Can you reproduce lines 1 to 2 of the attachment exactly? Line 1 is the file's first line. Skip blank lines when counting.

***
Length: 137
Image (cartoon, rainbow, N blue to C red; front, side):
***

Length: 137
Image (cartoon, rainbow, N blue to C red; front, side):